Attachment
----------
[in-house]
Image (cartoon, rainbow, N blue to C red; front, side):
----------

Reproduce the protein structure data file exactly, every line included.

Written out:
[in-house]
Image (cartoon, rainbow, N blue to C red; front, side):